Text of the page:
In addition to this, we sent to the North $30,000,000 worth of cotton, which is not counted in the exports. We sent to her $7 or $8,000,000 worth of tobacco, which is not counted in the exports. We sent naval stores, lumber, rice, and many other minor articles. There is no doubt that we sent to the North $40,000,000 in addition; but suppose the amount to be $35,000,000, it will give us a surplus production of $220,000,000. But the recorded exports of the South now are greater than the whole exports of the United States in any year before 1856. They are greater than the whole average exports of the United States for the last twelve years, including the two extraordinary years of 1856 and 1857. They are nearly double the amount of the average exports of the twelve preceding years. If I am right in my calculations as to $220,000,000 of surplus produce, there is not a nation on the face of the earth, with any numerous population, that can compete with us in produce per capita. It amounts to $16.66 per head, supposing that we have twelve millions of people. England with all her accumulated wealth, with her concentrated and educated energy, makes but sixteen and a half dollars of surplus production per head. I have not made a calculation as to the North, with her $95,000,000 surplus; admitting that she exports as much as we do, with her eighteen millions of population it would be but little over twelve dollars a head. But she cannot export to us and abroad exceeding ten dollars a head against our sixteen dollars. I know well enough that the North sends to the South a vast amount of the productions of her industry. I take it for granted that she, at least, pays us in that way for the thirty or forty million dollars worth of cotton and other articles we send her. I am willing to admit that she sends us considerably more; but to bring her up to our amount of surplus production– to bring her up to $220,000,000 a year, the South must take from her $125,000,000; and this, in addition to our share of the consumption of the $330,000,000 worth introduced into the country from abroad, and paid for chiefly by our own exports. The thing is absurd; it is impossible; it can never appear anywhere but in a book of statistics, or a Congress speech.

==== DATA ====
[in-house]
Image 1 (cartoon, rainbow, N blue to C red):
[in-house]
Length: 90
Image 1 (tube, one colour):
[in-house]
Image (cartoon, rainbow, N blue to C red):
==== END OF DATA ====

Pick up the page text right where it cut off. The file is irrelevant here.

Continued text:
With an export of $220,000,000 under the present tariff, the South organized separately would have $40,000,000 of revenue. With one-fourth the present tariff, she would have a revenue with the present tariff adequate to all her wants, for the South would never go to war; she would never need an army or a navy, beyond a few garrisons on the frontiers and a few revenue cutters. It is commerce that breeds war. It is manufactures that require to be hawked about the world, and that give rise to navies and commerce. But we have nothing to do but to take off restrictions on foreign merchandise and open our ports, and the whole world will come to us to trade. They will be too glad to bring and carry us, and we never shall dream of a war. Why the South has never yet had a just cause of war except with the North. Every time she has drawn her sword it has been on the point of honor, and that point of honor has been mainly loyalty to her sister colonies and sister States, who have ever since plundered and calumniated her.